By Youssouf Abdel-Jelil, UNICEF Representative in Viet Nam




1 December 2017

Michel Sidibé
Executive Director of UNAIDS
Under-Secretary-General of the United Nations

This World AIDS Day, we are highlighting the importance of the right to health and the challenges that people living with and affected by HIV face in fulfilling that right.


Community spaces design contest for an exciting hanoi

Ha Noi, October 17/10/2017 - Aiming at improving the living environment and bringing culture and art to the community towards a better urban future, United Nations Human Settlements Programme (UN-Habitat) successfully developed the project “Promote participatory, community-based and youth-led approach in safe, greening public spaces in Hoan Kiem district toward a pro-poor, inclusive and sustainable urban development” (hereinafter called Public Spaces project) under the Block by Block program with Mojang, the makers of the videogame Minecraft.


Deadline for round 1: From 17/10/2017 to 04/11/2017 Extended to 9 November 2017


Harsh punishment for child offenders doesn’t prevent further criminality

The age at which a child, can be held criminally liable is a controversial issue around the world. Within Viet Nam, this issue is currently being grappled with in the Penal Code amendments. Some argue that a "get tough on crime" approach is necessary to punish children to prevent further criminality.

However, international research shows that because of their developmental stages, labelling and treating children as criminals at an early age can have serious negative impacts on their development and successful rehabilitation.


New Year Greetings from the United Nations Resident Coordinator a.i. in Viet Nam


On the occasion of New Year 2017, on behalf of the United Nations family in Viet Nam I wish to reiterate our appreciation and express our warmest wishes to our partners and friends throughout the country. We wish our partners and their families in Viet Nam peace, prosperity, good health and happiness in the coming year.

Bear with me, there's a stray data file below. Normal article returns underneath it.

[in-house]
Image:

As we enter the second year of the Sustainable Development Goals era, we look forward to continuing our close cooperation for the sake of Viet Nam’s future development; one which is inclusive, equitable and sustainable, with no one left behind.

Youssouf Abdel-Jelil
United Nations Resident Coordinator a.i. in Viet Nam


UN Secretary-General Ban Ki-moon’s message for World AIDS Day, observed on 1 December


Thirty-five years since the emergence of AIDS, the international community can look back with some pride.  But we must also look ahead with resolve and commitment to reach our goal of ending the AIDS epidemic by 2030.

There has been real progress in tackling the disease. More people than ever are on treatment.  Since 2010, the number of children infected through mother to child transmission has dropped by half. Fewer people die of AIDS related causes each year.  And people living with HIV are living longer lives.

The number of people with access to life-saving medicines has doubled over the past five years, now topping 18 million. With the right investments, the world can get on the fast-track to achieve our target of 30 million people on treatment by 2030.  Access to HIV medicines to prevent mother to child transmission is now available to more than 75 per cent of those in need.